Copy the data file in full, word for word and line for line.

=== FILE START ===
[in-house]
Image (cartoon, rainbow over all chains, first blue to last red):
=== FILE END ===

[in-house]
Image (cartoon, rainbow over all chains, first blue to last red):